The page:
Over the course of 2015, I tweeted and blogged the history of the universe, all 13.8 billion years from the Big Bang to the end of the year. (Check out Twitter for Doug Jones (@logarithmic_h) or https://twitter.com/logarithmic_h/. My professional website – I’m an anthropologist at the University of Utah – is here.) I did it again in 2016, and 2017, and in 2018 I’m doing it again, mostly recycling old material, but adding some new things as well.

What is Logarithmic History?

Compressing the history of the universe into one year is not a new idea: both Carl Sagan and Neil de Grasse Tyson did it. What’s different about the version here? The earlier work uses a linear scale, dividing the age of the universe by the number of days in a year, so that every calendar day covers a constant 37.8 million years in the history of the universe. This is useful for dramatizing just how long “billions and billions” of years really is. But it means that most of the events that people are most interested in – including all of the evolution of biological and cultural complexity – happen late in the year. The Earth forms in early September. Dinosaurs go extinct on December 30, and all of human evolution and human history happen late on December 31.

At Logarithmic History, by contrast, I use a logarithmic scale. Other folks have proposed putting the history of the universe on a logarithmic scale; here I map that scale onto the course of one year. If you’re a bit hazy about logarithms, all you have to know is that each day of the year covers a shorter period in the history of the universe than the preceding day (5.46% shorter). January 1 begins with the Big Bang and covers a full 754 million years. January 2 covers the next 712 million years, and so on. Succeeding days cover shorter and shorter succeeding intervals in the history of the universe. At this rate, a given calendar date covers only a tenth as much time as a date 41 days earlier.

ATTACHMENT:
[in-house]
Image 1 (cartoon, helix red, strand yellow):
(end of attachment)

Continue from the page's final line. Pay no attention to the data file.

On this logarithmic scale, Earth is formed on January 20, trilobites arise toward the end of February, and dinosaurs meet their doom on April 6. The middle of the year finds Homo erectus giving way to early versions of Neanderthals and Homo sapiens. October begins with King David and ends with Columbus. By December 7, we reach the year of the Beatles’ first LP (1963). December 31 covers just one year, 2017; calendar time and history-of-the-universe time finally coincide at midnight.

Many of the world’s religions follow a yearly calendar of sacred days; many nations have their annual holidays. Logarithmic History is a chance to celebrate, over the course of a year, our species’ discovery of the deep history of the universe. If this takes off, perhaps it will give us some new holidays. So buy flowers for someone special on March 18 (the first flowering plants). Have some homemade bread on September 9 (the first farmers in the Fertile Crescent). Or … any suggestions?

A preview:

 January 1 13.8 Bya (billion years ago) February 1 2.4 Bya March 1 500 Mya (million years ago) April 1 88 Mya May 1 16 Mya June 1 2.9 Mya July 1 530 kya (thousand years ago) August 1 93 kya September 1 16 kya October 1 998 BCE November 1 1504 CE December 1 1937 CE

1. logarithmichistory Post author

Siddhartha,

Day job, anthropologist.You’ll notice a few posts seem to be more about kinship than a normal person would want to know. You can check out my webpage cargsblog.wordpress.com if you want. I’m not a historian, or a cosmologist, or a paleontologist, but I’ve got wide interests, and this seemed like fun.